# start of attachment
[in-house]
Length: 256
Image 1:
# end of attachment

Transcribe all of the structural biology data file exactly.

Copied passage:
[in-house]
Length: 256
Image 1: